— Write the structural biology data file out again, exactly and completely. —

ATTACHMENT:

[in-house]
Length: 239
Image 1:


[in-house]
Length: 239
Image 1: